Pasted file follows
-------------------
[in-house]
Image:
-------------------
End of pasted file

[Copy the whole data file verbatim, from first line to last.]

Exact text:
[in-house]
Image: